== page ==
Quotation, quote – A “quotation” is a set of words that is copied or repeated, such as a passage from a book, speech, etc.; in commerce, it is also a statement of market price of a commodity or security. A “quote” is a cost estimate from a vendor or service provider. Thus, you wouldn’t write, “Here is a quote from Shakespeare…”; it should read “Here is a quotation from Shakespeare…” instead.

However, some dictionaries and language experts state that “quote” as a noun is interchangeable with the first “quotation” definition above. Personal preferences plays a part in this one. I prefer the stricter usage that differentiates them. Which one would you choose and why?

And here’s a potpourri of comments received. Do you agree? Disagree? Please weigh in yourself!

“Quote” has a verbal flavor to it. When you tell me “here’s a quote by Winston Churchill,” I feel like I’m getting in touch with his actual speaking the words. A hint of the kinesthetic. “Quotation,” on the other hand, feels like it’s a done deal. It’s the words he said, like here is an interesting statement of Winnie’s that is so right on! It’s an elite sentence that’s perhaps been around for a while.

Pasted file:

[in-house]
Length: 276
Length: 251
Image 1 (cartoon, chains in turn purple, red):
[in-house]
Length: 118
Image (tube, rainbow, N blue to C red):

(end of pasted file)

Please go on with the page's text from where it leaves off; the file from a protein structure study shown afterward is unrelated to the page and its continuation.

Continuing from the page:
– Max Dixon

I’m strongly in favor of more precise language. The more refined our use and meaning of every word we choose, in writing or aloud, the greater clarity we are able to achieve!
– Laura Key

I am becoming more and more dismayed at excuses for incorrect grammar used by such supposedly educated people as journalists and advertisers. Every time I hear “it’s at,” I am rankled. I find blurring the line between “quote” and “quotation” another example of self-serving rationalization for improper use of the English language. As writers, let’s raise the bar rather than agreeing to keep lowering it.